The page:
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Thursday, 15 April 2010

Earth and Froth

In the past few days tectonic activity in Chinese Tibet and in Iceland has again displayed how puny is the human economy in comparison to elemental natural forces.
China has had to make heroic efforts to get even basic supplies to a remote mountain region.
Northern Europe has been shut to air traffic due to volcanic dust.
News of the dust cloud has - appropriately - taken many of the UK headlines away from the sad little 'debate' of three machine politicians. The least-known of the trio was able to come over as the freshest. The other two did a rather more polite re-run of their timewasting weekly yah-boo bilateral confrontation.  They have been at it so long that they have lost the capacity to surprise their audience.
The derided eurorat Clegg was able to present a different face and as an experienced lecturer and speaker he was not fazed by the occasion. One can expect his star to fade now that its supernova phase has been observed.
The really interesting question is whether or not the Icelandic dustcloud will outlast Clegg's moment of glory.

Monday, 5 April 2010

Soros Adrift?

It is reported that George Soros has donated a significant sum for the establishment of a unit at Oxford which is intended to review the intellectual basis of Economics and the reasons why its practitioners failed to predict the credit crunch.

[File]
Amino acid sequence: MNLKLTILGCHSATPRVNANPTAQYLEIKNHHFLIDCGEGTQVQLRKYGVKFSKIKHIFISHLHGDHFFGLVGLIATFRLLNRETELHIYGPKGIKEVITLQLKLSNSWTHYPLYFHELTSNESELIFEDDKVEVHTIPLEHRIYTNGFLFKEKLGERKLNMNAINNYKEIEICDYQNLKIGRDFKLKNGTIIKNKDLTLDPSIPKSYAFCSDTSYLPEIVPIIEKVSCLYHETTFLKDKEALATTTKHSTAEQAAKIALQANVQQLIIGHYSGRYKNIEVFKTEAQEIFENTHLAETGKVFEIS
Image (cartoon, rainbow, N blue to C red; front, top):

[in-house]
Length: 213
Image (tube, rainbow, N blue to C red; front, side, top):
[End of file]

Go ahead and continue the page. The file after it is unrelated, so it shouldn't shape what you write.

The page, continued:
The motivation is excellent: the outcome is likely to be deeply disappointing; because the people chosen to define the project are themselves inner-circle academics who failed to predict the crisis.
The money would much better have been allocated to some of us who predicted the crisis, and explained analytically why it was inevitable.

Tuesday, 23 March 2010

The Silly Sex?

One of the most significant phenomena about formal academic Economics is how few women have been seen as significant contributors to the mass of fantasy-theory that passes for 'analysis' according to the perverse peer review system that protects the supposed integrity of the whole farrago.
Forty years ago Joan Robinson had her Cambridge chair, and Ursula Hicks was almost as distinguished as her husband [who was the first Brit to get the 'Nobel Prize' in Economics]. Now there is no British woman of comparable prestige in the 'economics profession'.
During the credit crunch the dreaded Harriet Harperson suggested that it would not have happened if women had been in charge of the affected institutions. The absence of women from the top jobs was conspicuous indeed; so for the main part her remark was trivialised as potty feminism.
What should be pointed out for the future is that the absence of women from the acknowledged top rank of Economists may be attributable to womens' common sense. It is harder for most women to inwardly to accept authoritatively-delivered nonsense than for men, who compromise much more readily - intellectually - to get on in their careers.
One can assume that economic studies will become truly scientific when women occupy top chairs: as women have long done in natural sciences. It may take a very long time, as the Economics ratpack are so well established.

Monday, 22 March 2010

What Growth?

As the countdown to the UK Budget for 2010 comes to an end, the City is pressing for the Chancellor to reduce his estimate for economic growth. This pushes down the projection for tax revenue, and makes cuts in spending more urgent and imperative.
The City is right to be cautious in its predictions: because the City is the most likely component of the economy to 'underperform' in revenue growth as the global economy settles down to a post-crisis mode of operation.